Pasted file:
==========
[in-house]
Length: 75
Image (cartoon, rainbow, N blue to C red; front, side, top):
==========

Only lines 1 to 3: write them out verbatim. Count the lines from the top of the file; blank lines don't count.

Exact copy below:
[in-house]
Length: 75
Image (cartoon, rainbow, N blue to C red; front, side, top):